Momentum, consistency a must for success in the shortest format | india | Hindustan Times
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Momentum, consistency a must for success in the shortest format

After losing their opening match to India, Pakistan are already staring at a do-or-die match against Australia on Sunday. India were eliminated in the 2012 World T20 in Sri Lanka after losing just one match to Australia in the Super Eight stages.

india Updated: Mar 23, 2014 01:12 IST
Nilankur Das
World T20

After losing their opening match to India, Pakistan are already staring at a do-or-die match against Australia on Sunday. India were eliminated in the 2012 World T20 in Sri Lanka after losing just one match to Australia in the Super Eight stages.

It is not just the T20 format which leaves teams with very little margin for error as one over can change the complexion of a match; fixtures and draw too offer little breathing space.

Here a team will need to finish in the top two in the five-team group. The funny thing is a team might not even falter, it could be just that a couple of players in the other team play like men possessed on that particular day. On Friday, The Netherlands eliminated Ireland by chasing 190 in 13.5 overs!

Australia skipper George Bailey accepts luck will play a role for a team to go on to win the title but he believes even in T20 and in this tournament, momentum and consistency will not be redundant.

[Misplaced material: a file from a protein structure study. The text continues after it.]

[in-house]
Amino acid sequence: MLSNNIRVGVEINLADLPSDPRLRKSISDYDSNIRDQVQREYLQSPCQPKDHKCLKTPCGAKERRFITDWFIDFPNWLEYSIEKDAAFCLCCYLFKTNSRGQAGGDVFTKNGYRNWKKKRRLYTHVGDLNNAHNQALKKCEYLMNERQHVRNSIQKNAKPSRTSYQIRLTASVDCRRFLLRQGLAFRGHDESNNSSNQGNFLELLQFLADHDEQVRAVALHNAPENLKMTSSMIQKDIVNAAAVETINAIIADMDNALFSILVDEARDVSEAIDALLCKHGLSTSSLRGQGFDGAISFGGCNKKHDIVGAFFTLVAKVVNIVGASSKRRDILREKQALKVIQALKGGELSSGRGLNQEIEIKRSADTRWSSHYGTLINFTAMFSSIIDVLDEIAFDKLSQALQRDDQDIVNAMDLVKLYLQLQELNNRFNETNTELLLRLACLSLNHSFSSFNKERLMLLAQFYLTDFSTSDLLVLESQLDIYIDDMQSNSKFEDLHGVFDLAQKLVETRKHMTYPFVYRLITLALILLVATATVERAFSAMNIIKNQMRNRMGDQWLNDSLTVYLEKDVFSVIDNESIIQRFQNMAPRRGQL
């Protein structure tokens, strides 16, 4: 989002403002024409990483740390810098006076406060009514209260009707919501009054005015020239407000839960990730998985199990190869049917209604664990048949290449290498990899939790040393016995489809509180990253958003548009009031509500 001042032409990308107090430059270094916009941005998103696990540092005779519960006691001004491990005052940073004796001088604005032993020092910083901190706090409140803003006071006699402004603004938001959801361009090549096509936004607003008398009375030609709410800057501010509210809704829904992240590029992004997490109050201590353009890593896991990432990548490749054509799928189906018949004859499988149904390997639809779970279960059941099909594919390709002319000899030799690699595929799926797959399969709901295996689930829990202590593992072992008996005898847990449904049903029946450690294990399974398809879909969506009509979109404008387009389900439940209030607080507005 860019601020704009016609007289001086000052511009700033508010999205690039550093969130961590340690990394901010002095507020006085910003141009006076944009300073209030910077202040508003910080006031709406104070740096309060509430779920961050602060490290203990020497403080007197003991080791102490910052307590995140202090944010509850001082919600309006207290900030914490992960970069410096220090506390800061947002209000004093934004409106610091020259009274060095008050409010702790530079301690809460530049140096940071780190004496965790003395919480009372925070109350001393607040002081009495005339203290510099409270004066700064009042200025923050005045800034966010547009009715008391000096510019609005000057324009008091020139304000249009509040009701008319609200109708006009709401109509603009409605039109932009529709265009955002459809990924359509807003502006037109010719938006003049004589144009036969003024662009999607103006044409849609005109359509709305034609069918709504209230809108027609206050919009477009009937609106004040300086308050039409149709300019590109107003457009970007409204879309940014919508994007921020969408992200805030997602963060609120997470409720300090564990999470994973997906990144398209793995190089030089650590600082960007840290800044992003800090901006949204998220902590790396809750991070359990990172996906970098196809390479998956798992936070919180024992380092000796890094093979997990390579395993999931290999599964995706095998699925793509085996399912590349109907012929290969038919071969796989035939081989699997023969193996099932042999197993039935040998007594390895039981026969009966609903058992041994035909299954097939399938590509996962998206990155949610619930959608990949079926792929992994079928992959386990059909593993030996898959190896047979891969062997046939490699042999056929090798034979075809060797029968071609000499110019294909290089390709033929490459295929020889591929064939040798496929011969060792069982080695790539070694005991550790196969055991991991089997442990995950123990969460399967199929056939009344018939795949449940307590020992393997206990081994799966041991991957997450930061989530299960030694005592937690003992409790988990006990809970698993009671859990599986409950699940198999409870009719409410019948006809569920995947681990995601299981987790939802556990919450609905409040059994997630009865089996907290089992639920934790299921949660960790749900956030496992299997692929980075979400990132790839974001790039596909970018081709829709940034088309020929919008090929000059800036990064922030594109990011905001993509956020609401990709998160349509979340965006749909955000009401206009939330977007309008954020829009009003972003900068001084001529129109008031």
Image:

Pakistan coach Moin Khan believed consistency and T20 are bit of an oxymoron. He had India skipper Mahendra Singh Dhoni for company.

"What this format does is reduce the difference in quality between sides. It's important to do well in each and every game. It's about how we perform on a particular day. In the last T20 World Cup, we lost just one game and were not able to make it to the knockout stages. Our group is especially tough," said Dhoni.

Moin was a lot more upfront. "We must remember that in this format to play consistently is very difficult. I don't believe any team will enter the final by playing consistently," he said.

Bailey had a different take. "Whoever wins it will be consistent, I can guarantee you that, and that's probably the key. I guess the shorter the format, the closer it brings two teams, the more it comes down to one incident – it can be a catch, might be an over, might be one wicket that's taken. There's a different range of ways that a game can be won and lost in T20s and it can happen quickly. It is going to be very hard to play your best game every game, but the team that's most consistent is going to win more often than not and that's what we are after.

The 31-year-old also believed a win can create a momentum for a team going into the next match and having won against Pakistan, India can go on to down defending champions West Indies as well.

"Going back to the last World Cup, the West Indies had momentum. I think you have got to play some good, consistent cricket to get to the knockout stages, and then you hope that you have carried some momentum there and then that little bit of luck."